The wonderful, and impressive, thing about horses is how quick they are to learn. It's both a blessing and a curse: when a horse creates a bad association with a person, experience or piece of tack, that association lasts for a long time. Likewise, good or pleasant associations can be stored in memory and can even be taught to replace the negative ones over time.
I adopted Gracie from a rescue in 2015. She had sustained permanent back injuries, starvation, and a great deal of trauma, and even after recovering physically had developed a nasty habit of biting people. Unfortunately that made her a poor candidate for adoption, and she was largely overlooked and avoided by people. I was determined to give her a chance, and I'm so glad I did, because she turned out to be my heart horse and we had a wonderful 5 years together before she succumbed to liver failure.
At the time that I adopted Gracie, I had many years of riding experience under my belt and had owned one other horse. But nothing had prepared me for the challenges that lay ahead with an unrideable, crabby chestnut mare. She was truly my crash course on horse psychology, way before I even started my formal studies. In the beginning, I followed my intuition, mostly: approaching her slowly, gradually getting closer in proximity and stopping whatever I was doing whenever she started to get irritated (grooming, etc. -- and her threshold was only a few seconds when we first started). At the time I didn't know about habituation, sacking out, desensitizing, positive reinforcement, etc., but somehow we muddled through. I am certain that I made mistakes and sometimes pushed too hard, too fast or used more pressure than necessary -- my broken toe can testify to that -- but in the end the previously untouchable horse stopped biting people and started licking complete strangers' arms over the fence. What's more, she had become quiet, contented and dare I say, happy, which was such a wonderful thing to behold after her terrible history.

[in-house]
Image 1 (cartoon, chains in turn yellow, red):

Gracie is a testament to the fact that every horse, no matter how damaged or difficult or challenging, has potential to be a great companion or mount. Riding wasn't in the cards for Gracie because of her permanent injuries, but she was the first horse I introduced my infant son to, and my absolute pride and joy for several years. And she still is, because she proved that love, patience and compassion can overcome bad experiences, abuse, neglect and most levels of trauma. She is the inspiration needed to give other horses like her a second chance.